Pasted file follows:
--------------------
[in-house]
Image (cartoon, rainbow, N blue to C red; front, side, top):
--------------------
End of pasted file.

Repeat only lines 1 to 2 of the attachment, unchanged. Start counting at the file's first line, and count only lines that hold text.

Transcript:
[in-house]
Image (cartoon, rainbow, N blue to C red; front, side, top):